India almost matched its total fintech investment in 2020, with $2 billion in investment in H1’21, including merchant platform Pine Labs’ $285 million PE funding round, and $100 million+ VC funding rounds by Cred ($215 million), RazorPay ($160 million), KreditBee ($153 million), OfBusiness ($110 million), and BharatPe ($108 million).

Digital banking was a big play in India, but with a unique model compared to other jurisdictions in the regions — with digital banks acting primarily as SaaS providers and regulatory responsibility remaining with bank partners.

Early fintech leaders in India have continued to expand their business models into adjacencies in order to bring their customers more value, such as payments players acquiring insurtechs.

Insurtech is a growing area of interest for investors in India; in H1’21, several insurtechs raised mid-sized VC or PE funding rounds, including Turtlemint ($46 million), RenewBuy ($45 million), and Digit Insurance ($18 million).

Exits in India are going to increase, both in terms of IPOs and in terms of acquisitions. On the M&A front, fintechs could be targeted by banks, larger fintechs, or even a fintech services conglomerate. Over the next twelve months, we expect leading fintech unicorns trying to tap into the strong capital market by looking at an IPO. Banks are also keen to partner with Fintechs especially Neo Banks and Wealthtech platforms.

Sanjay Doshi

Partner and Head of Financial Services,KPMG in India

Singapore

Grab announces $40 billion SPAC merger in Singapore

Total fintech investment activity (VC, PE and M&A) in Singapore 2018–2021*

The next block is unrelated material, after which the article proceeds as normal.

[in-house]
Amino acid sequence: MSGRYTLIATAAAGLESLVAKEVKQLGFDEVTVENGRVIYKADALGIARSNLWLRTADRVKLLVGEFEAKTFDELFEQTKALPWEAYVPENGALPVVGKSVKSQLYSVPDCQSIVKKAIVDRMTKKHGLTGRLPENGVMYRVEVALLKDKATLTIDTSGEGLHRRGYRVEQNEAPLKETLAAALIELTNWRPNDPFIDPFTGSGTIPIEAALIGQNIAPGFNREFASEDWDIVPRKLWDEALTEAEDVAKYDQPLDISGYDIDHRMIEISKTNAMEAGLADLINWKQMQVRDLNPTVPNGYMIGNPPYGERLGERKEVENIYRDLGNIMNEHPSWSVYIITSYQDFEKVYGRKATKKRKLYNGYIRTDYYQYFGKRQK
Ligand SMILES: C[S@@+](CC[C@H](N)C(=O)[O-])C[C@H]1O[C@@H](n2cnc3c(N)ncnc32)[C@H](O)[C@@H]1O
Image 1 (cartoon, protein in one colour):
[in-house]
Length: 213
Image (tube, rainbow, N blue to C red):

Source: Pulse of Fintech H1'21, Global Analysis of Investment in Fintech, KPMG International (data provided by PitchBook), *as of 30 June 2021.

Fintech investment dropped somewhat in Singapore, from $930 million in H2’20 to $614 million in H1’21; eWallet company Matchmove raised $100 million in Singapore’s largest deal of the quarter.

During H1’21, platform giant Grab announcing a $40 billion SPAC merger — setting the stage for a big end to the year.

The four digital banks that received licenses in Singapore were quiet in H1’21, focusing on building out their operations and products; Singapore’s incumbent banks also focused significantly on their digital products and value propositions.

During H1’21, the Green Finance Industry Taskforce of the Monetary Authority of Singapore announced a number of initiatives focused on accelerating green finance, including issuing a guide for climate-related disclosures, a framework for green trade finance, and recommendations and a roadmap to scale green finance in a number of key sectors.1

It is all about platforms here in South East Asia targeting inclusion, sustainability,  e-commerce and efficient access to finance. Through this we are seeing the beginning of a redrawing of Financial Services, supported by the opening up of data by regulators, central banks and the cloud providers.

Anton Ruddenklau

Global Co-Leader of Fintech KPMG